[ Intimate concerns ]

At any point in time, it is estimated that roughly 30% of women in the western world suffer from bacterial vaginosis and/or candida vaginosis. However, not everyone will experience symptoms. This, of course, indicates that the vaginal microbiome is sensitive and quite easily struck out of balance. Moreover it tells us that imbalances in the intimate area are common and something we should talk about in an open, factual manner, so no-one suffers in silence.

The vaginal microbiome is characterized by relatively low diversity compared to elsewhere on the body. It consists primarily of lactobacilli (lactic acid bacteria), especially of the species Lactobacillus crispatus, which maintains the essential, acidic ph-balance (~4.5), thus inhibiting the growth of microorganisms that can cause intimate problems. Even though a high microbial diversity is typically considered an indicator of health, it is opposite in the vaginal microbiome. When the dominating lactobacilli is replaced by other microorganisms it will often be considered a sign of dysbiosis which causes itchiness, irritation, bad odor or elevated levels of discharge.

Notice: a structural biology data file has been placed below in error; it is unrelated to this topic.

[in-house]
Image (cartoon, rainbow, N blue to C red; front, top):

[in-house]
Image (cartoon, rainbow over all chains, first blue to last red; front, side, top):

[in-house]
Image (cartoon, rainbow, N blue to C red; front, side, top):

Despite the low diversity of the vaginal microbiome, the microbiome’s composition will vary significantly from person to person. There are still plenty of unknown variables as to why these variations exist and how they’ve come to be. They are however affected by things such as ethnicity, age, regional origin, and more.